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Wednesday, June 21, 2017

Science in Action …NASA discovers 10 new planets that could have life.

If you once thought that only 8 or 9 planets make up the solar system, well …bad news - you may have to think again! 


Planet-hunting telescope belonging to the National Aeronautics and Space Administration (NASA) has found 10 new planets outside our solar system that are likely the right size and temperature to potentially have life on them, broadly hinting that we are probably not alone.

After 4 years of searching, the Kepler telescope has detected a total of 49 planets in the Goldilocks zone. And it only looked in a tiny part of the galaxy, one quarter of 1% of a galaxy that holds about 200 billion of stars. 7 of the 10 new found Earth-size planets circle stars that are just like ours, not cool dwarf ones that require a planet be quite close to its star for the right temperature. That doesn’t mean the planets have life, but some of the most basic requirements that life needs are there, upping the chances for life.
 
The red planet aka Mars
10 of the planets are potentially rocky, close to the size of Earth and within the habitable zone of the stars they orbit -- meaning they could support liquid water on their surface.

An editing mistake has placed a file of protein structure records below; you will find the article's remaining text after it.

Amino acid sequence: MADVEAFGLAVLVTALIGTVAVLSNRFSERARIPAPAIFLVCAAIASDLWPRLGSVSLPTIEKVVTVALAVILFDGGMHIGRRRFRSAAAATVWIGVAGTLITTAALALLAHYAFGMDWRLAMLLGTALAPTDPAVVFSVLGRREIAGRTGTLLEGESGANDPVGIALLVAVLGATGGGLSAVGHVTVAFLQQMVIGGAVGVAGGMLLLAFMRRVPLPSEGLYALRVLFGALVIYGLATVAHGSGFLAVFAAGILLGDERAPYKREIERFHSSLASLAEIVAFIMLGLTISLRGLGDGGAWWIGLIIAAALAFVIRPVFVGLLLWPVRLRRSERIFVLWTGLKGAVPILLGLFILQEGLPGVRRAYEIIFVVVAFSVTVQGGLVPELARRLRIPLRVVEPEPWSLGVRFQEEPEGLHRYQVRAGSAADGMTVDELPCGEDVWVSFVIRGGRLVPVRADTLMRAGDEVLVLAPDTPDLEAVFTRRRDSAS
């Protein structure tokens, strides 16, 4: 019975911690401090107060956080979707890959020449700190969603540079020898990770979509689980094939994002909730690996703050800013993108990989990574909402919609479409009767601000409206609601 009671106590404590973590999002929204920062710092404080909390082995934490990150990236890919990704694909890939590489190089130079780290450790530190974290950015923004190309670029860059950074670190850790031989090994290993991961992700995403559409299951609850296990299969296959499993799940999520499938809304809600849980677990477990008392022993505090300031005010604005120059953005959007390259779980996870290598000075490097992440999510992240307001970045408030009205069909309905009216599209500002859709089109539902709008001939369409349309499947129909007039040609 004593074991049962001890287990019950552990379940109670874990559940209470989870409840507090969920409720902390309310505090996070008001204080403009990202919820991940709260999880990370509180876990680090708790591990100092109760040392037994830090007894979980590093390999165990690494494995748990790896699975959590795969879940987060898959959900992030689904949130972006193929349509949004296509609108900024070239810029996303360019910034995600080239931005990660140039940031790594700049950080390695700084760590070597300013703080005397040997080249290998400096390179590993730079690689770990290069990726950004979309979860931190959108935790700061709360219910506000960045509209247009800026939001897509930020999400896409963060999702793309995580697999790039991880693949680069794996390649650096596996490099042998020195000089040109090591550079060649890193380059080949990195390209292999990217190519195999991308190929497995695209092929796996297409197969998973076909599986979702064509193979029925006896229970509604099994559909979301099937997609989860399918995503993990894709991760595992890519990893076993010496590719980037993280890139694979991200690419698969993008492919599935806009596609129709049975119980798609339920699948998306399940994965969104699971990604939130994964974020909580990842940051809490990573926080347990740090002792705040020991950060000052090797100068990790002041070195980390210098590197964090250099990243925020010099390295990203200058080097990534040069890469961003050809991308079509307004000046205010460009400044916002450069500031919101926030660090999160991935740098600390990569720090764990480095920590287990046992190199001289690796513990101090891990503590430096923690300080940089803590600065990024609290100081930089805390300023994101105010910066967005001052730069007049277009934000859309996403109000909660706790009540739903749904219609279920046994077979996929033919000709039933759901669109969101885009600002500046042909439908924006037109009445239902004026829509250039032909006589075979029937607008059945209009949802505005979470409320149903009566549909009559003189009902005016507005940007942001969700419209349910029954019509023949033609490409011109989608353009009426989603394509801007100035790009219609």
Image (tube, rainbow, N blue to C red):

"The Kepler data set is unique, as it is the only one containing a population of these near-Earth analogs: planets with roughly the same size and orbit as Earth."

With the addition of this latest release, Kepler has now identified 4,034 planet candidates, and 2,335 of them have been confirmed as exoplanets. The mission has also found 50 candidates similar in size to Earth, with more than 30 of them confirmed. Of the 10 newly discovered Earth-size planets, one is the closest to Earth in size and the distance to its host star. 

In comparison, our solar system looks like it has three planets in the habitable zone of the sun: Mars, Venus and Earth. "I would only want to live on one of those," said Susan Thompson, a Kepler research scientist.

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